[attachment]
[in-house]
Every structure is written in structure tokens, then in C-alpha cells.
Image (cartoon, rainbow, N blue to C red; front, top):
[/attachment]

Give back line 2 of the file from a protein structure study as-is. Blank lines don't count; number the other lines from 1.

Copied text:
Every structure is written in structure tokens, then in C-alpha cells.